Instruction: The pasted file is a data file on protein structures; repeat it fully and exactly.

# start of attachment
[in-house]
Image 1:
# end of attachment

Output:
[in-house]
Image 1: